|Publication number||US6428280 B1|
|Application number||US 09/708,954|
|Publication date||Aug 6, 2002|
|Filing date||Nov 8, 2000|
|Priority date||Nov 8, 2000|
|Publication number||09708954, 708954, US 6428280 B1, US 6428280B1, US-B1-6428280, US6428280 B1, US6428280B1|
|Inventors||Curtiss Mitchell Austin, Richard John Grylls|
|Original Assignee||General Electric Company|
|Export Citation||BiBTeX, EndNote, RefMan|
|Patent Citations (8), Referenced by (41), Classifications (39), Legal Events (4)|
|External Links: USPTO, USPTO Assignment, Espacenet|
This invention relates to ceramic thermal banier coatings on substrates, and, more particularly, to aircraft gas turbine components protected by such coatings.
In an aircraft gas turbine (jet) engine, air is drawn into the front of the engine, compressed by a shaft-mounted compressor, and mixed with fuel. The mixture is burned, and the hot exhaust gases are passed through a turbine mounted on the same shaft. The flow of combustion gas turns the turbine by impingement against an airfoil section of the turbine blades and vanes, which turns the shaft and provides power to the compressor. The hot exhaust gases flow from the back of the engine, driving it and the aircraft forwardly.
The hotter the combustion and exhaust gases, the more efficient is the operation of the jet engine. There is thus an incentive to raise the combustion and exhaust gas temperatures. The maximum temperature of the combustion gases is normally limited by the materials used to fabricate the hot-section components of the engine. These components include the turbine vanes and turbine blades of the gas turbine, upon which the hot combustion gases directly impinge. In current engines, the turbine vanes and blades are made of nickel-based superalloys, and can operate at temperatures of up to about 1800-2100° F. These components are also subject to damage by oxidation and corrosive agents, as well as impact damage and erosion by particles entrained in the combustion gas stream.
Many approaches have been used to increase the operating temperature limit and service lives of the turbine blades and vanes to their current levels, while achieving acceptable oxidation, corrosion, erosion, and impact resistance. The composition and processing of the base materials themselves have been improved. Cooling techniques are used, as for example by providing the component with internal cooling passages through which cooling air is flowed.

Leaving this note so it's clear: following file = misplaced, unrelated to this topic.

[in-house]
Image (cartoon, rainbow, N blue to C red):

In another approach used to protect the hot-section components, some of the surfaces of the turbine blades and vanes are coated with thermal barrier coating systems. The thermal barrier coating systems typically include a bond coat that contacts the substrate, and a ceramic thermal barrier coating (TBC) layer overlying the bond coat. The bond coat protects the articles against the oxidative and corrosive effects of the combustion gas. The ceramic layer provides thermal insulation and some environmental protection. The turbine blades and turbine vanes are thereby able to run cooler and are more resistant to environmental attack in the presence of the thermal barrier coating systems.
Although the thermal barrier coating approach is operable, there is opportunity for improvement. It would be desirable to improve the thermal insulation properties of the ceramic thermal barrier coating, as well as to increase its resistance to impact damage. The present invention fulfills this need, and further provides related advantages.
The present invention provides a structure in which a substrate is protected by an overlying ceramic layer. The ceramic layer has improved insulation properties as compared with prior ceramic layers, as well as improved resistance to impact damage. The ceramic layer of the invention is compatible with the use of bond coats, and in some circumstances dispenses with the need for a bond coat.
A structure comprises a substrate, and a ceramic coating overlying and bonded to the substrate. The ceramic coating comprises an open-cell solid foam of ceramic cell walls having an interconnected intracellular volume therebetween.
Within this broad concept, a number of features and embodiments are particularly preferred. Preferably, the substrate comprises a nickel-base superalloy and is a component of a gas turbine engine. The ceramic cell walls comprise aluminum oxide, but there may be additions of ceramic modifiers to improve specific properties such as impact resistance. The ceramic cell walls preferably exceed about 60 percent by volume, and most preferably comprise from about 60 to about 80 percent by volume, of the foam. A bond coat may be disposed between the substrate and the ceramic coating, to aid in bonding the ceramic coating to the substrate.
Most preferably, the intracellular volume is substantially empty and porous, although it may be filled wholly or partially with a metal. The portion of the ceramic coating which is porous offers improved insulation of the underlying substrate. It also affords increased resistance to impact damage, as it may locally crush and fracture without introducing cracks which propagate for long distances through the ceramic coating and possibly cause the ceramic coating to delaminate.
Other features and advantages of the present invention will be apparent from the following more detailed description of the preferred embodiment, taken in conjunction with the accompanying drawings, which illustrate, by way of example, the principles of the invention. The scope of the invention is not, however, limited to this preferred embodiment.
FIG. 1 is a perspective view of a turbine blade;
FIG. 2 is an enlarged schematic sectional view through the turbine blade of FIG. 1, illustrating the coating structure;
FIG. 3 is an depiction of the microstructure of the open-cell solid ceramic foam;